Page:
Mastercard CEO Ajay Banga says “DQ” is as important as IQ or EQ.
A few years ago, Ajay Banga, president and CEO of Mastercard, was searching for a concise way to describe his approach to community outreach and other social impact initiatives. Employees, he says, were constantly asking him what criteria he applied when, say, deciding to send supplies and volunteers in the wake of the hurricanes in Houston and Puerto Rico. At one town hall he blurted out the term “DQ,” short for “decency quotient.” The term stuck.Continue reading ““Decency quotient”: How this CEO frames inclusive capitalism for his company”
Ask any leader whether his or her organization values collaboration, and you’ll get a resounding yes. Ask whether the firm’s strategies to increase collaboration have been successful, and you’ll probably receive a different answer.
“No change seems to stick or to produce what we expected,” an executive at a large pharmaceutical company recently told me. Most of the dozens of leaders I’ve interviewed on the subject report similar feelings of frustration: So much hope and effort, so little to show for it.
One problem is that leaders think about collaboration too narrowly: as a value to cultivate but not a skill to teach. Businesses have tried increasing it through various methods, from open offices to naming it an official corporate goal. While many of these approaches yield progress—mainly by creating opportunities for collaboration or demonstrating institutional support for it—they all try to influence employees through superficial or heavy-handed means, and research has shown that none of them reliably delivers truly robust collaboration.Continue reading “Cracking the Code of Sustained Collaboration”
I agree with Brandon that in discussing things we should not limit ourselves to thinking in terms of states. We must consider, as Brandon puts it, both supra and sub states. We must also recall that states are much more fluid than we usually consider them.
When discussing international relations I attempt to get my conversation partners to agree that:
(1) National borders are not stable and,
(2) National identity is more fiction than reality.Continue reading “What is a nation?”
Diversity is multifaceted in my view. It includes gender, age, cultural background, knowledge and skillset. Diversity is about having different ideas, perspectives and approaches. However, diversity is only the first step and will not on its own provide results. Inclusion is where the magic starts to happen.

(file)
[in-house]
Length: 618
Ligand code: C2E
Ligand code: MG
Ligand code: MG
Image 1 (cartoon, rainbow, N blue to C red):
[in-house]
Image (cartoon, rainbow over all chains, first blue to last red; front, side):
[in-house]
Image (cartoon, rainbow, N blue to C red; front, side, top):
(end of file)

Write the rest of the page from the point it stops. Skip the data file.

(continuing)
Diversity and inclusion are important to me. It is on a personal and professional level.
I am a father of three kids, two girls and a boy. I want them to grow up in a world and society where there is not only equal opportunity regardless of background or gender, but that diversity is valued and strived for. I was born in Iran and raised in Sweden. For many years I struggled in Sweden with my identity and to try to fit in. I tried to be like everyone else. Over time I have come to appreciate the perspective that my original culture has given me. Being born in one country, raised in another, and travelling the world has allowed me to understand the importance of perspectives — the more diverse, the better.Continue reading “Diversity and inclusion are a necessity, not a nicety”
From the riffs of outrage coming from the Democrats and their demos over “our democracy” betrayed, infiltrated even destroyed—you’d never know that a rich vein of thinking in opposition to democracy runs through Western intellectual thought, and that those familiar with it would be tempted to say “good riddance.”
Voicing opposition to democracy is just not done in politically polite circles, conservative and liberal alike.
For this reason, the Mises Institute’s Circle in Seattle, an annual gathering, represented a break from the pack.
The Mises Institute is the foremost think tank working to advance free-market economics from the perspective of the Austrian School of Economics. It is devoted to peace, prosperity, and private property, implicit in which is the demotion of raw democracy, the state, and its welfare-warfare machine.
This year, amid presentations that explained “Why American Democracy Fails,” it fell to me to speak to “How Democracy Made Us Dumb.” (Oh yes! Reality on the ground was not candy-coated.)Continue reading “How Democracy Made Us Dumb”
- Leader of the Lion City has criticised the Hong Kong protesters, saying they were trying to ‘humiliate’ the government rather than solve problems
- He also admitted his own country was not immune to the forces of ‘deep social angst’ sweeping various places across the globe
A video of Singapore Prime Minister Lee Hsien Loong saying his country would be “finished” if it were hit by Hong Kong-style protests has gone viral in mainland China, prompting social media users to praise the Lion City’s strong governance.
Lee had told a union event on Tuesday that populist movements were growing in various places across the world – from the United States and France to Hong Kong, where anti-government protests have entered their 19th week – and he refused to dismiss the possibility of similar divisions appearing in his own country.Continue reading “Singapore’s Lee Hsien Loong a social media hero in China for Hong Kong protest comments”